Approximately half of the affected individuals develop the disease before adulthood. Etiologic hypotheses for vitiligo include biochemical, neural and autoimmune mechanisms. The most compelling of these suggests a combination of genetic and immunologic factors that result in an autoimmune melanocyte destruction. We reviewed studies carried out on various treatment modalities used in childhood vitiligo. Topical corticosteroids were found to have excellent repigmentation rates, whereas calcineurin inhibitors have comparable efficacy and a better safety profile compared with topical corticosteroids. These two groups of topical medications are good first-line treatment modalities for localized vitiligo. For the treatment of generalized vitiligo, phototherapy has excellent efficacy. Narrow-band ultraviolet B (UVB) has better overall repigmentation rates and safety profile than either topical or oral psoralens and ultraviolet A (PUVA). Other treatment modalities may be considered depending on a patient's specific condition, such as surgical options and depigmentation. With adequate sun protection, the option of no treatment with or without corrective camouflage, is an innocuous alternative to any of these treatment modalities. [source]


Diagnosis and treatment of small follicular thyroid carcinomas,

BRITISH JOURNAL OF SURGERY (NOW INCLUDES EUROPEAN JOURNAL OF SURGERY), Issue 6 2010
T. Clerici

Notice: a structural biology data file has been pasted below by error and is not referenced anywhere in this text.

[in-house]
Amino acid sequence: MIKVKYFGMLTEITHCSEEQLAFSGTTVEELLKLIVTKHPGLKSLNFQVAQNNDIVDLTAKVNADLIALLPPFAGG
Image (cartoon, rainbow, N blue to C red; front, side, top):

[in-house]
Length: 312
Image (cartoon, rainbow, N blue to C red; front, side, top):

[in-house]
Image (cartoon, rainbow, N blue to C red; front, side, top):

Background: Follicular thyroid microcarcinomas (mFTCs) of 10 mm or less in size rarely manifest clinically and their clinical significance is controversial. This study assessed their characteristics and incidence, and analysed treatment modalities used for mFTC. Methods: Members of the German Association of Endocrine Surgeons were asked to review patients with mFTC operated on between 1990 and 2005. Results: Data for 90 patients from 26 institutions were reported. Histopathological slides were available for re-evaluation in 35 patients. Most initial diagnoses had to be revised because of incorrect size assessment or incorrect diagnosis (benign adenoma, papillary thyroid carcinoma (PTC), follicular variant of PTC). The diagnosis of mFTC was confirmed in only four patients. As a result of the incorrect histopathological diagnosis, unnecessary completion thyroidectomy and radioiodine ablation were performed in 17 and 20 patients respectively. The incidence of mFTC was calculated to be 012 per million population per year. Conclusion: mFTC is exceptionally rare. Such tumours are overdiagnosed, resulting in unnecessary treatment associated with avoidable morbidity. Histopathological re-evaluation by an experienced pathologist is recommended before embarking on further treatments when a diagnosis of mFTC is made. Copyright 2010 British Journal of Surgery Society Ltd. Published by John Wiley & Sons, Ltd. [source]


Infantile haemangiomas: a challenge in paediatric dermatology

JOURNAL OF THE EUROPEAN ACADEMY OF DERMATOLOGY & VENEREOLOGY, Issue 6 2010
RA Schwartz
Abstract Infantile haemangiomas, common benign vascular tumours of childhood, are characterized by rapid growth during the first year of life and a slow regression that is usually completed at 7,10 years of age. These tumours are composed of endothelial cells with high mitotic rates and stromal components such as fibroblasts, mast cells and pericytes. Haemangiomas become a challenge when they are part of a syndrome, are located in certain areas of the body or when complications develop. The above-mentioned factors also influence the treatment modality used. However, although there remain many uncertainties regarding management, the ,-adrenergic receptor blocker propranolol is a promising new candidate for first-line systemic therapy. It produces such a dramatic and rapid response that the appearance of an infantile haemangioma should impart expeditious consideration of the risks and benefits of its use. [source]